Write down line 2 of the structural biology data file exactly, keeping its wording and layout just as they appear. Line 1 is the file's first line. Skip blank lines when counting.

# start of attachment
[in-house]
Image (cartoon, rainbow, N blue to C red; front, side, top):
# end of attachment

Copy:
Image (cartoon, rainbow, N blue to C red; front, side, top):